AND! Check out this really great database that can help you determine which probiotic strains may help you the most based on your current symptoms and struggles!

Look for a bottle that lists the type of bacteria included and a guaranteed number of live bacteria per serving (usually listed in the billions CFU). The higher the number, the more bacteria it will contain (and very high numbers will require a slower breaking in period, which you can discuss with the worker at the health food store). These higher-quality probiotics will cost more, but this is a classic case of getting what you pay for, and what we want here is results.

Probioitics I buy

My one exception to the “store-bought probiotics are a waste of money” rule is in the category of soil-based probiotics. Here’s why: the lacto-based probiotics like those found in yogurt, sauerkraut and other ferments are so easy to make and so delicious to eat that there’s no reason to pay expensive store prices for a shelf-stable inferior product.

Soil-based probiotics, however, are different strains that have a different effect in our bodies: they go deeper into the gut and contribute differently to immunity. So we need both, but soil-based are found in soil, as the name implies.

In antiquity, people got a good amount of soil in their diets from digging up veggies and eating them.

These days, I don’t trust the soil as far as I can throw it. It’s been compromised with pesticides, herbicides, pharmaceutical drugs, and all manner of other toxins from our waste water and runoff. Even if I were inclined to eat soil (I’m not), it would probably do much more harm than good.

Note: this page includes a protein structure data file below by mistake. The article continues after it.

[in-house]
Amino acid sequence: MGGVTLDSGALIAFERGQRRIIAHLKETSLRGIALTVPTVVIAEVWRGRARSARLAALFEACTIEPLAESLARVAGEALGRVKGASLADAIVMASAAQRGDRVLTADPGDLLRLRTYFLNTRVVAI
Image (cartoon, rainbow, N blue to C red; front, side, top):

So when it comes to soil-based probiotics, I will purchase them from a reputable company that can guarantee their purity, quality, and effectiveness–even if they are expensive. I’ve listed below a few soil-based probiotics on which I have done research. I trust them to deliver a safe, effective, quality product.

What About Prebioitics?

Prebiotics are the “food” for beneficial gut bacteria that already live in our guts. And since not all gut bacteria can be supplemented with probiotics, it’s a great idea to get some good prebiotics in your diet as well.

As a matter of fact, you probably already do get some prebiotics, as they are often soluble fiber found in fruit.

There are also symbiotic prebiotic-probiotic supplements that you may find beneficial, especially if you have recently taken antibiotics or had some digestive problems. A great probiotic will also include enzymes and prebiotic strains that assist the good bacteria in the propagation and colonization of your gut, so you actually get real, lasting benefit from them.